About 10,000 high school students apply to UC each year without meeting freshman eligibility requirements, UC Director of Admissions Han Mi Yoon Wu said at the Regents meeting. Of that population, 3,700 students have not met UC high school course requirements but have a 3.0 or higher grade point average, making them eligible for the pilot program.
Students who receive a first-year UC offer are excluded—even if they join the 7,000 individuals who annually decline UC admissions to attend California Community College. UC may also exclude some majors from the dual-enrollment pilot project that will admit students through fall 2025, including computer science and engineering at some campuses.
A similar program is in the works at California State University, where it will also include students who have been accepted but are unable to attend immediately due to financial or personal issues.
More support for transfer students
Hans Johnson, a senior fellow at the Public Policy Institute of California, said transfer students can be enrolled at a university with a clear path to a UC campus. He added that the early admissions offer differentiates the pilot program from existing UC transitions, which only admit students in the spring and don’t have the same access to UC campuses and support.
Dual admission “can be really powerful in connecting a student to the campus or campuses they want to attend,” Johnson said.
Regent Eloy Ortiz Oakley, a former chancellor of California’s community colleges, said he believes the program will promote greater geographic diversity among UC transferees by providing a clear path forward for students in underserved regions of the state such as the Central Valley and Inland Empire. .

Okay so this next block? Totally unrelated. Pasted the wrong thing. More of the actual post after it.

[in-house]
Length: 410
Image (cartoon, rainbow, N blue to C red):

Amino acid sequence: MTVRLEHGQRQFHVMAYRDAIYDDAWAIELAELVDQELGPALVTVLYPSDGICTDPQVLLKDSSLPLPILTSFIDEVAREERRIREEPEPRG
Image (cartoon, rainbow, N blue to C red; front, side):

Students of color, as well as low-income individuals or the first in their family to attend college, may be more likely to apply to UC without meeting the admissions requirements and benefit most from the pilot program, Jessie added Ryan , executive vice president of the Campaign for College Opportunity, a research and advocacy group.
Logan Ueno, a fourth-year student at UC Davis studying political science, said regular visits to the UC campus can help transfer students make informed decisions about their futures and gain a sense of attending a larger school.
“Coming from a community college, the university attendance is much greater and there are many more resources that can be used on campus,” Ueno said. “I know I’ve taken advantage of some resources on campus since transferring to Davis, and it’s really helped alleviate some of the stress of going to UC.”
Having access to a coordinator who can act as a liaison between the UC and California Community College systems will also benefit students who often take on the responsibility of navigating the transfer system on their own, Bapat said.
“This will help you on both ends of the transfer,” Bapat said. “I think (a coordinator) would clear up a lot of confusion and make the process even more streamlined.”